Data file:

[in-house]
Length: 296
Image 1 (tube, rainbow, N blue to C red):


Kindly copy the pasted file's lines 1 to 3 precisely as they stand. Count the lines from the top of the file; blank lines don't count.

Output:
[in-house]
Length: 296
Image 1 (tube, rainbow, N blue to C red):